- The Washington Times - Monday, October 4, 2021

Attorney General Merrick Garland told federal officials Monday to meet with law enforcement to discuss strategies for responding to the growing number of threats against school board members, teachers and other education staff.

Mr. Garland issued a memorandum describing a need to address the “disturbing spike” in threats of violence, harassment and intimidation against school officials in recent months.

“While spirited debate about policy matters is protected under our Constitution, that protection does not extend to threats of violence or efforts to intimidate individuals based on their views,” the attorney general said.

His call-to-action comes days after the National School Boards Association (NSBA) sent a letter to President Biden asking for federal law enforcement to investigate and prevent the threats, which it said “could be equivalent to a form of domestic terrorism and hate crimes.” 

The letter said school board members across the country have been attacked for approving pandemic-related mask policies and many are facing physical threats linked to “propaganda purporting the false inclusion of critical race theory” in the curriculum.

NSBA cited nearly two dozen examples, including a school board meeting in Michigan where a person protesting masking yelled a Nazi salute and the arrest of an Illinois man who allegedly hit a school official at a meeting.

A letter sent to a school board member in Ohio reportedly said: “You are forcing them to wear [a] mask — for no reason in this world other than control. And for that you will pay dearly.”

The hostility is forcing school board members tasked with approving school budgets and policies — many of whom are unpaid — to resign or not seek another term, according to NSBA.

The association requested that federal authorities examine whether the threats and violence amount to violations of federal laws governing domestic terrorism and civil rights.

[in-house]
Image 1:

It also asked the Justice Department, FBI, the Department of Homeland Security, the Secret Service and the U.S. Postal Inspection Service to assess threat levels and intervene when possible.

Heeding their call, Mr. Garland directed the FBI and state attorneys generals to meet with federal, state, local, tribal and territorial leaders to develop strategies and communication lines for threat reports, assessment and response by Nov. 3.

The attorney general also said the Justice Department is planning to announce a series of actions to address the uptick in criminal conduct against school officials.

“The department takes these incidents seriously and is committed to using its authority and resources to discourage these threats, identify them when they occur, and prosecute them when appropriate,” he said. 

Chip Slaven, NSBA interim executive director and CEO, applauded DOJ’s “swift” action in response to the association’s request.

“Over the last few weeks, school board members and other education leaders have received death threats and have been subjected to threats and harassment, both online and in person,” Mr. Slaven said in a statement on Monday. 

The department’s effort “is a strong message to individuals with violent intent who are focused on causing chaos, disrupting our public schools and driving wedges between school boards and the parents, students, and communities they serve,” he said.

Meanwhile, Neal McCluskey, director of the Center for Educational Freedom at The Cato Institute, warned of the potential consequences linked to the NSBA’s request.

“While protestors have been unruly, and some physical altercations have occurred, this request threatens to chill even legitimate speech about what school districts teach or do not teach, or policies they have, citing several examples that appear to be clear political speech as criminally threatening,” Mr. McCluskey said in a statement last week.

• Emily Zantow can be reached at ezantow@washingtontimes.com.

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